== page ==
When people ask me how I got started and how I’ve been able to reach the next level in my motivational speaking career, it always comes down to mentorship. I honestly, 100% believe that I am where I am today because of the gifts that God gave me and because off the people He put in my life. Everything that we’ve been given in our lives has been given to us through someone else. I met my wife through mutual friends. I landed speaking gigs and jobs because people have recommended or referred me. The relationships that we build every single day play a significant role in our success. I consistently strive to seek out people who are better than me, more experience than me, and have messed up more times that I have so that I can learn from their mistakes instead of having to make my own. There’s no such thing as a self-made millionaire. Successful people know how to build genuine relationships, network effectively, and put people first. It is the relationships that launches you to the next level.
If you do not currently have a mentor, someone who is more experience in your particular field than you are, who is willing to teach you and show you the ropes, that is your mission for the week. Trust me on this one: connecting with a mentor could be one of the most impactful decisions you make for your growing business. Here are three ways to get started.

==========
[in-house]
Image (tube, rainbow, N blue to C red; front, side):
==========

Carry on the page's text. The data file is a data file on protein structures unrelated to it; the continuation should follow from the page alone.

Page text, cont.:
Speak It Into Existence
Nobody is going to know that you are actively seeking out and mentorship relationship unless you tell them. Tell a few trusted friends, family members, and colleagues that you are looking for a mentor to help guide you through your professional journey. Chances are, you already know somebody who knows somebody that would be more than willing to help you.
A good mentor will sometimes tell you things you don’t want to hear. Their honest and constructive feedback is designed to help you grow both professionally and personally. Be open-minded to their opinions and advice, and be willing to accept their input, even if it hurts. If your mentor is continually telling you how great you are and what a boss you are, they’re probably not your mentor; they’re probably your friend.
Be One First
Even if you are relatively new to the industry, there is probably someone who is newer to the game than you. Keep an eye out for people who look like they may need a little guidance, and gently offer wisdom or advice. The key word here is gently. Make sure that the person you are mentoring actually wants to be mentored before offering your words of wisdom. One of the best ways to solidify your understanding of a particular topic is to teach it to somebody else.
Mentorship is such an important aspect for me, both professionally and personally. So important in fact, that I decided to write a book about it. I spent the last couple of months digging deep into the power of mentorship, leadership and how they impact next level success.
I hope for this book is that readers will begin to understand not only the importance of finding a mentor, but being one as well.